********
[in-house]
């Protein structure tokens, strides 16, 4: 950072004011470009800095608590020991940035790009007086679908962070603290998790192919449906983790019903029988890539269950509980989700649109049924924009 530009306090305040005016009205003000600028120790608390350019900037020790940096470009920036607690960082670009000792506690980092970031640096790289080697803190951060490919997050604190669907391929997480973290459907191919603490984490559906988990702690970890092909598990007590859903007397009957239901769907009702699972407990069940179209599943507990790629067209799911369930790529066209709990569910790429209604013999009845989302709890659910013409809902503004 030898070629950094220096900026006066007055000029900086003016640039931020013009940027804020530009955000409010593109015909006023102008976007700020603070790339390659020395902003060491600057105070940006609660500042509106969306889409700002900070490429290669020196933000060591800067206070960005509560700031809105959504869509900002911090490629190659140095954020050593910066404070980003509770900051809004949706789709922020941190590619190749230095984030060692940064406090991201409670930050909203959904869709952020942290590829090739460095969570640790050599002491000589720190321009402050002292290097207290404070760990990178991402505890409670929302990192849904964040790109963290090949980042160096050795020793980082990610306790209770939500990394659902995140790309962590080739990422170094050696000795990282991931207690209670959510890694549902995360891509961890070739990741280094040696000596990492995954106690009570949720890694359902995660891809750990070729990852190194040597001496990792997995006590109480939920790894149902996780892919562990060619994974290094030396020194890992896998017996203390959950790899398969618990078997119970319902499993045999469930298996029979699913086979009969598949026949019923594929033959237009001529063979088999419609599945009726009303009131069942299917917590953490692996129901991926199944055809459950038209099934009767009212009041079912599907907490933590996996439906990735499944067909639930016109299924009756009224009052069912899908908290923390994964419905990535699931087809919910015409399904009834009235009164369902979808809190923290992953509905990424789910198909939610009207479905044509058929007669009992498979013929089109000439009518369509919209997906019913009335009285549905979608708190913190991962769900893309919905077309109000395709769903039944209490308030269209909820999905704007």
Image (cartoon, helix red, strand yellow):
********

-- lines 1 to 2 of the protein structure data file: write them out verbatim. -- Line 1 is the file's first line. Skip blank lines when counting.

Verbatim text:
[in-house]
């Protein structure tokens, strides 16, 4: 950072004011470009800095608590020991940035790009007086679908962070603290998790192919449906983790019903029988890539269950509980989700649109049924924009 530009306090305040005016009205003000600028120790608390350019900037020790940096470009920036607690960082670009000792506690980092970031640096790289080697803190951060490919997050604190669907391929997480973290459907191919603490984490559906988990702690970890092909598990007590859903007397009957239901769907009702699972407990069940179209599943507990790629067209799911369930790529066209709990569910790429209604013999009845989302709890659910013409809902503004 030898070629950094220096900026006066007055000029900086003016640039931020013009940027804020530009955000409010593109015909006023102008976007700020603070790339390659020395902003060491600057105070940006609660500042509106969306889409700002900070490429290669020196933000060591800067206070960005509560700031809105959504869509900002911090490629190659140095954020050593910066404070980003509770900051809004949706789709922020941190590619190749230095984030060692940064406090991201409670930050909203959904869709952020942290590829090739460095969570640790050599002491000589720190321009402050002292290097207290404070760990990178991402505890409670929302990192849904964040790109963290090949980042160096050795020793980082990610306790209770939500990394659902995140790309962590080739990422170094050696000795990282991931207690209670959510890694549902995360891509961890070739990741280094040696000596990492995954106690009570949720890694359902995660891809750990070729990852190194040597001496990792997995006590109480939920790894149902996780892919562990060619994974290094030396020194890992896998017996203390959950790899398969618990078997119970319902499993045999469930298996029979699913086979009969598949026949019923594929033959237009001529063979088999419609599945009726009303009131069942299917917590953490692996129901991926199944055809459950038209099934009767009212009041079912599907907490933590996996439906990735499944067909639930016109299924009756009224009052069912899908908290923390994964419905990535699931087809919910015409399904009834009235009164369902979808809190923290992953509905990424789910198909939610009207479905044509058929007669009992498979013929089109000439009518369509919209997906019913009335009285549905979608708190913190991962769900893309919905077309109000395709769903039944209490308030269209909820999905704007």